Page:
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Creator Tips and Tricks #21: Getting Started in Comics Podcasting on a Budget!

ArtCrumbs Community • Oct 25, 2022

Today's Tips and Tricks is for anyone looking to become a podcaster, or expanding your knowledge on podcasting! Shaun Sunday of Brain Beast Studios and the No Capes! Show has graciously created an article going over everything you need to know about creating and hosting a podcast centered around comics.

From apps to software to equipment and general advice, everything you'll need is here! With that, I'll let Shaun have the floor! Thank you so much Shaun for your time.

So you want to start a Podcast?

Podcasts are fun, entertaining, educational and also a big labor of love.

Comic podcasts especially are great, but can come with their own sets of challenges! I’ve been running my podcast for 3 years, it’s like a book club, but for comics: I considered doing a review show, but ultimately settled on something that allows creators to show their love for the craft, and highlight creator-owned books.

Let’s talk a little about some different aspects of making a comics podcast and the things you’ll need to get started!

Settle on a Theme and Format

Before you pick up the mic, think about what kind of show you want to have. Do you want to do reviews? A round-table discussion, interviews with creators and celebrities?

  • If you want to do reviews, you’re going to need to initially outlay your own funds to buy the books you want to cover, and start networking with creators and publishers to pick up ARCs when they offer them on social media/get on their press lists.
  •  If it’s a round table discussion - you’ll need to consider if you want to have a recurring cast or a rotating set of guests each episode! As well as that, you’ll want to think about your topic - comics news, cape books, creator-owned books? Which suits your interest and style most?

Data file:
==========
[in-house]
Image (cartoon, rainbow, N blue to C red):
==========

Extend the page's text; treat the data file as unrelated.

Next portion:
•  If you want to do interviews with creators and celebrities, decide if it's going to have a standard format with primarily the same questions for each creator, or if you’re going to tailor the interview to each specific guest (or maybe you’ll wing it, with a looser discussion - but I recommend jotting down some basic talking points for the episode). Next - you’ll want to work on a standard opening email for cold-contacts: something friendly, professional and that clearly communicates who you are, what you do and what’s expected of your guests.

There’s a load of variations on these formats, and maybe you’ll come up with something else new entirely! But these are some ideas and frameworks to help you get the ball rolling.

Once you’re ready to publish:

So you’ve recorded your first episode, editing is done, and you’re ready to go live. What next?

You need a place to host your show! If it’s a video show, you can do this on YouTube, Vimeo, your own website, and even Spotify does Video Podcasts now. But to get the most coverage—you’ll want to set up an Anchor FM account, and connect your podcast to all other places it can post to—Apple Podcasts, Stitcher, Spotify etc.

There are other places you can upload as well, but these are the main ones I focus on, you can research other options if you want to expand your reach further still! Below are Anchor’s podcasting connectivity options.

The Gear You’ll Need to Get Started

You don’t need a lot of expensive or fancy gear to get started in podcasting, but you will need to upgrade over time if you want to improve the quality of your show! That being said, there is some essential gear that you’ll need to start you off.

I use a Blue Yeti Nano, Pop Filter, Logitech C922, with a ring light, overhead panel light and Wondershare Filmora editing suite. Here are some recommendations on various equipment you should consider.

Microphone:  This is the big one, a USB Condenser mic will do the trick: here are a couple of suggestions to look at!